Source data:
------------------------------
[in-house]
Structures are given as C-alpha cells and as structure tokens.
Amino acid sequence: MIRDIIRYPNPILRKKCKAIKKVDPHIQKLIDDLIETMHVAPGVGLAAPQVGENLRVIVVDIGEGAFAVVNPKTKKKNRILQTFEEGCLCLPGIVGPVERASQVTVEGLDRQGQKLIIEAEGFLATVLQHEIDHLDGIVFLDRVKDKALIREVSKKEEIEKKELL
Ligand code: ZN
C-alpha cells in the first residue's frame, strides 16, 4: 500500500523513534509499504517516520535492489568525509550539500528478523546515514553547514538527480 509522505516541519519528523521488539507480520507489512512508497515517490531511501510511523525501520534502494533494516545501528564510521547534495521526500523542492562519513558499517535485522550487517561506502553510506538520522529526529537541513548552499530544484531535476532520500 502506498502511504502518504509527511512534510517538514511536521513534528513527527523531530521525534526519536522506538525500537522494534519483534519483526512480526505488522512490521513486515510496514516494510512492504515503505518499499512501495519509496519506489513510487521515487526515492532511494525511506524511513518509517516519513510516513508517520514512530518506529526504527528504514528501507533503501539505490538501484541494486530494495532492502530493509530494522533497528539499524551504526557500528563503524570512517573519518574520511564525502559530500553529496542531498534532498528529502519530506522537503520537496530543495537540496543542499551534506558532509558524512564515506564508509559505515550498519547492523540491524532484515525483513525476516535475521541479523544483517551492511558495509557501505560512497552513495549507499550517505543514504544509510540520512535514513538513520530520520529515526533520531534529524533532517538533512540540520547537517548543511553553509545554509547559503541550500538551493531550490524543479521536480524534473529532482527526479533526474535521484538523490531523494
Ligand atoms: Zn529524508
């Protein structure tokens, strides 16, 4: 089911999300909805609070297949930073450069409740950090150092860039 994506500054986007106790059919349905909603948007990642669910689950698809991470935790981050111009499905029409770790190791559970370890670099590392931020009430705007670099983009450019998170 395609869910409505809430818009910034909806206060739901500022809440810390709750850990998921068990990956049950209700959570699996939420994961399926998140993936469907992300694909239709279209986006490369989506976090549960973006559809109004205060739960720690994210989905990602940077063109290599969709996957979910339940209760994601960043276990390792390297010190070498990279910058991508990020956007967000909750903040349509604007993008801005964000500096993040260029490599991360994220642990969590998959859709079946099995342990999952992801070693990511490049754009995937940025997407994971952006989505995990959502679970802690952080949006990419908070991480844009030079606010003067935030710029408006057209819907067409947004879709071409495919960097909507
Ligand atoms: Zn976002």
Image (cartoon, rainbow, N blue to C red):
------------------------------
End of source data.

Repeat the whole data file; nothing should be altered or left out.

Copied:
[in-house]
Structures are given as C-alpha cells and as structure tokens.
Amino acid sequence: MIRDIIRYPNPILRKKCKAIKKVDPHIQKLIDDLIETMHVAPGVGLAAPQVGENLRVIVVDIGEGAFAVVNPKTKKKNRILQTFEEGCLCLPGIVGPVERASQVTVEGLDRQGQKLIIEAEGFLATVLQHEIDHLDGIVFLDRVKDKALIREVSKKEEIEKKELL
Ligand code: ZN
C-alpha cells in the first residue's frame, strides 16, 4: 500500500523513534509499504517516520535492489568525509550539500528478523546515514553547514538527480 509522505516541519519528523521488539507480520507489512512508497515517490531511501510511523525501520534502494533494516545501528564510521547534495521526500523542492562519513558499517535485522550487517561506502553510506538520522529526529537541513548552499530544484531535476532520500 502506498502511504502518504509527511512534510517538514511536521513534528513527527523531530521525534526519536522506538525500537522494534519483534519483526512480526505488522512490521513486515510496514516494510512492504515503505518499499512501495519509496519506489513510487521515487526515492532511494525511506524511513518509517516519513510516513508517520514512530518506529526504527528504514528501507533503501539505490538501484541494486530494495532492502530493509530494522533497528539499524551504526557500528563503524570512517573519518574520511564525502559530500553529496542531498534532498528529502519530506522537503520537496530543495537540496543542499551534506558532509558524512564515506564508509559505515550498519547492523540491524532484515525483513525476516535475521541479523544483517551492511558495509557501505560512497552513495549507499550517505543514504544509510540520512535514513538513520530520520529515526533520531534529524533532517538533512540540520547537517548543511553553509545554509547559503541550500538551493531550490524543479521536480524534473529532482527526479533526474535521484538523490531523494
Ligand atoms: Zn529524508
């Protein structure tokens, strides 16, 4: 089911999300909805609070297949930073450069409740950090150092860039 994506500054986007106790059919349905909603948007990642669910689950698809991470935790981050111009499905029409770790190791559970370890670099590392931020009430705007670099983009450019998170 395609869910409505809430818009910034909806206060739901500022809440810390709750850990998921068990990956049950209700959570699996939420994961399926998140993936469907992300694909239709279209986006490369989506976090549960973006559809109004205060739960720690994210989905990602940077063109290599969709996957979910339940209760994601960043276990390792390297010190070498990279910058991508990020956007967000909750903040349509604007993008801005964000500096993040260029490599991360994220642990969590998959859709079946099995342990999952992801070693990511490049754009995937940025997407994971952006989505995990959502679970802690952080949006990419908070991480844009030079606010003067935030710029408006057209819907067409947004879709071409495919960097909507
Ligand atoms: Zn976002």
Image (cartoon, rainbow, N blue to C red):